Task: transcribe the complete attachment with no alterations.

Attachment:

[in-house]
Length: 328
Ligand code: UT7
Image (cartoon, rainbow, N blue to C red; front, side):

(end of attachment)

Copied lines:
[in-house]
Length: 328
Ligand code: UT7
Image (cartoon, rainbow, N blue to C red; front, side):